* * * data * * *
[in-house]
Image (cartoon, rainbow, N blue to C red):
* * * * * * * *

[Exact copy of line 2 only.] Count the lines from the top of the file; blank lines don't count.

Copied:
Image (cartoon, rainbow, N blue to C red):